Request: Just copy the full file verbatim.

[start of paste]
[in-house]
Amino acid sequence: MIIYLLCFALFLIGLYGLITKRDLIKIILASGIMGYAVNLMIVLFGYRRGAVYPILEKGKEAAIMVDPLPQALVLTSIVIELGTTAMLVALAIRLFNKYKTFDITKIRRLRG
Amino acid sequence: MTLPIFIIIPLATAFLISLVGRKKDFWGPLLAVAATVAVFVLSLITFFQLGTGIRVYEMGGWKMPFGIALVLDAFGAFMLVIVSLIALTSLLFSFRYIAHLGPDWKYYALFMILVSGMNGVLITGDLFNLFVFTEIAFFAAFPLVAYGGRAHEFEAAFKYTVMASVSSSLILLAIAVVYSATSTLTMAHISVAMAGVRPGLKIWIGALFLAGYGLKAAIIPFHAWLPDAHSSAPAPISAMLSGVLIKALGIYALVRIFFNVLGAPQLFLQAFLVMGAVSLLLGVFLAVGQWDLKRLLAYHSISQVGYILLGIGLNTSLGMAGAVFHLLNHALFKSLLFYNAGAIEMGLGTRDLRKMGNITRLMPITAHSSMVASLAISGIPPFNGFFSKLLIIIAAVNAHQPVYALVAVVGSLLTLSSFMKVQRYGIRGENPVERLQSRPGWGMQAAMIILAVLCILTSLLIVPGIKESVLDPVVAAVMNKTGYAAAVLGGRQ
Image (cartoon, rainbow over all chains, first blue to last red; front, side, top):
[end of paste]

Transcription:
[in-house]
Amino acid sequence: MIIYLLCFALFLIGLYGLITKRDLIKIILASGIMGYAVNLMIVLFGYRRGAVYPILEKGKEAAIMVDPLPQALVLTSIVIELGTTAMLVALAIRLFNKYKTFDITKIRRLRG
Amino acid sequence: MTLPIFIIIPLATAFLISLVGRKKDFWGPLLAVAATVAVFVLSLITFFQLGTGIRVYEMGGWKMPFGIALVLDAFGAFMLVIVSLIALTSLLFSFRYIAHLGPDWKYYALFMILVSGMNGVLITGDLFNLFVFTEIAFFAAFPLVAYGGRAHEFEAAFKYTVMASVSSSLILLAIAVVYSATSTLTMAHISVAMAGVRPGLKIWIGALFLAGYGLKAAIIPFHAWLPDAHSSAPAPISAMLSGVLIKALGIYALVRIFFNVLGAPQLFLQAFLVMGAVSLLLGVFLAVGQWDLKRLLAYHSISQVGYILLGIGLNTSLGMAGAVFHLLNHALFKSLLFYNAGAIEMGLGTRDLRKMGNITRLMPITAHSSMVASLAISGIPPFNGFFSKLLIIIAAVNAHQPVYALVAVVGSLLTLSSFMKVQRYGIRGENPVERLQSRPGWGMQAAMIILAVLCILTSLLIVPGIKESVLDPVVAAVMNKTGYAAAVLGGRQ
Image (cartoon, rainbow over all chains, first blue to last red; front, side, top):